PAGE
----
Thursday, April 12, 2007

Wayne Holland Jr. in The Spectrum

Southwestern Utah is seeing the most rapid population growth of any area in the United States. St. George and surrounding communities have experienced unprecedented growth of 40 percent or more since 2000. This growth promises to continue.

As Washington and Iron counties continue their rapid growth, local and state leaders will face challenges, among them health care, transportation and water shortages. Education is likely to remain at or near the top of the list.

Utah's looming teacher shortage coupled with southwestern Utah's record growth makes this an especially bad time for us to turn our backs on public education. Utah's Democratic leaders recommended a long-term investment in education during the 2007 legislative session, including a 10 percent increase in state spending over each of the next five years.

This increase would have enabled us to move up in the education funding race from 51st in the nation. It would have allowed us to provide salaries to attract desperately needed new teachers instead of driving them away after just a few years of service. Unfortunately, the Legislature rejected this idea, deciding instead on a large one-time increase in education spending and a huge long-term investment in subsidies for private education academies was the way to go.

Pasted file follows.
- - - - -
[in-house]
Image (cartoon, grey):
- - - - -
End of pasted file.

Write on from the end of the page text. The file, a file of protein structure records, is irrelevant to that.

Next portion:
Private school vouchers, opposed by every Democrat in the Legislature, draw funding from the general fund that provides the revenue needed to build and maintain Utah's infrastructure and support other basic government services. Voucher supporters like St. George's Republican Rep. Stephen Urquhart ignore the impact the establishment of a new program that competes with transportation, health care, etc., for funding will have on their constituents as St. George's rapid growth continues and demands for these services become more urgent.

We cannot afford to ignore the significant demands our education, health care and transportation systems face in the name of conducting risky taxpayer funded experiments intended to promote private education academies. Our continued economic growth depends upon investing our state resources wisely, not adopting programs developed in right-wing think tanks and promoted with the donations of large out of state corporations.

Utah Democrats such as Congressman Jim Matheson have represented southern Utah well. He has been an outspoken critic of Bush administration proposals such as the recently canceled Divine Strake test and has introduced legislation to prevent a repeat of Utah's tragic experience with nuclear testing. Congressman Matheson has also been a strong voice in Congress for a return to fiscal responsibility, a value Utahns share.

Our party's history of standing up for education, fiscal responsibility, and strengthening working families represents the kind of visionary leadership Utah's Dixie needs as it faces the future. This weekend State Sen. Pat Jones will be joining me and other Utah Democrats at the Washington and Iron County conventions. We invite voters to join us and learn more about our party.

Wayne Holland is the chairman of the Utah State Democratic Party


Anonymous said...


hello dashing said...

blah blah blah? That's all you have to say, anonymous?

Here you go folks - home schooling at work. This anonymous conservative can't even string a sentence together or give an opinion of why he thinks this is blah blah blah.